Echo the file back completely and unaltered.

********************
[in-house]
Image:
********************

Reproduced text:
[in-house]
Image: